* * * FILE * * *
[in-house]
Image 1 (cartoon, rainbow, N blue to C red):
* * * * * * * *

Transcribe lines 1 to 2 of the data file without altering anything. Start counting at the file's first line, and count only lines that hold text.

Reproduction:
[in-house]
Image 1 (cartoon, rainbow, N blue to C red):